Marketing is something authors need to do once they have a published book. It's something that doesn't come easy to most authors---especially the introverted type. But authors should market their books. Whether they have a publishing house helping them or not, their name is on the cover. Their career is at stake. And they know their book better than anyone else. It doesn’t have to take over an author's life or drain an author's bank account. But authors should put forth an effort.
It's true, authors are writers first, marketers second. And if you have a book coming out, you might be freaking out a little about how you'll market it. But worrying about how to market your book doesn't help. And trying to do everything isn’t healthy. The best thing you can do is be smart and plan ahead. But you need to be willing to say "No" or "That’s enough." To draw the line in the sand and move on to the next thing.
I tend to start actively marketing a new book five or six months before the release date, all the way up to about four weeks after the book release. I have a system that works for me, but that doesn't mean I'll never try new things, because there is always something new to learn. Here is how I usually go about marketing a new book.
1. I create a MARKETING PLAN that is right for my book (and my publishing house, if I have one for this project). The Marketing Plan contains the following:
Overview- Here is where I pinpoint my marketing goals: target market, message, timing of the marketing campaign, and my budget.
PR and publicity- This includes a press kit, press release, plans for media (TV, radio, newspapers, magazines, etc.), print articles, book reviews, and endorsements.
In Person- Plans I have for speaking engagements, networking, book launch parties/signings, and creating promotional materials that can be passed out in these venues.
Internet- Here I list plans for sharing my new book on my author website, blogs I contribute to, my author newsletter, social media, blogging topics for my own blogs and possible guest blogs, and contests I might run.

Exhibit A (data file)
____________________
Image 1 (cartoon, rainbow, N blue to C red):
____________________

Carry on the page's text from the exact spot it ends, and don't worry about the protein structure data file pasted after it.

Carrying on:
Cross-promotions- This is where I list plans to trade promotion with author friends.
Charitable tie-ins- If I want to do a promo in which the proceeds go to charity, I list that here.
Buzz for sequels- Ideas for promoting sequels or writing novellas that promote the next book.
2. I create a MARKETING BUDGET.
I set aside a reasonable amount of money that I can afford to spend on marketing. Then I brainstorm ideas on how I'll spend that money. I do everything I can to stay within that dollar amount. There are a lot of ways to spend money when you market a book. You can buy ads online or in newspapers or magazines. You can invest in prizes or books for giveaways. You can hire a publicity firm to market the book for you. The sky is the limit here. In fact, if you really wanted to, you could hire a plane to write the name of your book in the sky. My point? There are so many options. Too many. It's important to be careful, patient, and intentional with how you spend money to promote a book. The best ideas are those you can see a return on your investment, though sometimes it's just not possible to know for sure how, or if, your money paid off.
3. I create a MARKETING CALENDAR that lays out my specific strategies from as early as I start marketing to when I'm ready to look back and evaluate. This helps me stay on track and not forget to do anything.
BONUS: Want to see a sample marketing plan? Click here to see my marketing plan, budget, and calendar for The New Recruit.
5. I partner with AUTHOR FRIENDS to cross-promote, which is when two or more authors team up to promote each other's books. For example, I have a small following, and my friend John Otte has a small following. If we decided to cross-promote, when his book came out, I would share it with my people and promote his book to them. And he would do the same for me once my book released. Cross-promotion is great because it's free, it's easy (who doesn't love sharing about a new book they love?), and you're promoting to an audience that isn't your own.
Have you ever created a marketing plan? Do you have any tips to share? What are some ideas you have to promote books to readers? Or have you seen an author do something really cool? Share in the comments.